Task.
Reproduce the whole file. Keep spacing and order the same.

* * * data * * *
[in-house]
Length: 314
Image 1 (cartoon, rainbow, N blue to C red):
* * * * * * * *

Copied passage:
[in-house]
Length: 314
Image 1 (cartoon, rainbow, N blue to C red):